Contributing to these risk factors is the concerning fact that the number of people with type 1 diabetes and excess weight or obesity is increasing. In one study, which monitored a large group of people with type 1 diabetes over a period of two decades, the number of people who had excess weight increased by nearly 50%, while the number of people with obesity increased seven-fold.
Researchers have established that insulin therapy can cause weight gain. This can create a vicious cycle where insulin therapy leads to weight gain, which both contribute to insulin resistance, which can lead back to an increase in insulin dosing. In fact, one of the signs of double diabetes in people with type 1 may be the need for more and more insulin to meet glucose targets. This is why early on, weight management, along with glucose management, are crucial for people with type 1 to prevent insulin resistance.
What can you do to prevent or manage ‘double diabetes?’
There are ways to minimize the risk of developing double diabetes.
Lifestyle changes such as improving your diet and getting plenty of exercise can help you manage your weight and can help make the insulin you take work more efficiently.
As a general guideline, the American Diabetes Association recommends getting 30 minutes of aerobic exercise on most days of the week. Aerobic exercises include activities like walking, running, cycling, or swimming. Additionally, eating foods that are low-carb or high in nutrients like fiber and healthy fats can help you manage your weight and decrease insulin resistance.
In addition, your healthcare provider may consider using medications that are only indicated for people with type 2 diabetes, such as metformin, GLP-1 receptor agonists, or SGLT-2 inhibitors.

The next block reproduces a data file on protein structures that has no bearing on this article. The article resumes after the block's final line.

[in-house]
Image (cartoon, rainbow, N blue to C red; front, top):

“I mainly focus on weight loss, so I use GLP-1s, but I also prescribe metformin,” said Peters. “I focus on weight and exercise to bring down insulin resistance because many of these people have a much higher insulin resistance than others with type 1. I am also more likely to start a statin [a cholesterol-lowering medication] at a younger age.”
While metformin can help decrease insulin resistance directly, GLP-1 receptor agonists and SGLT-2 inhibitors can also help lower glucose levels and protect against complications like heart and kidney disease. GLP-1 receptor agonists can also be used for weight management and for treating obesity. These drugs are not indicated for people with type 1 diabetes, however, so talk with your healthcare team to see if these options are safe and available to you. For instance, taking SGLT-2 inhibitors has been shown to increase the risk of diabetic ketoacidosis (DKA) if you have type 1.
According to Peters, double diabetes comes down to three key factors: weight, lipids, and blood pressure. “I aim to treat each of these factors, bring down insulin resistance as much as possible, and continue to treat the type 1 diabetes, because that’s still there,” she said.
Keep in mind that insulin resistance, along with excess weight and obesity, is not specific to those with type 2 diabetes. Understanding how these things can affect your health is important for managing your glucose levels and preventing complications.
“I’ve always been a believer that anybody, with or without diabetes, with or without metabolic syndrome, needs to maintain their weight and exercise,” said Peters. “Maintaining insulin sensitivity, to me, is a sign of health no matter who you are. All of us are at a higher risk for these health issues as we get older, so keep fit!”
Here are some additional helpful resources: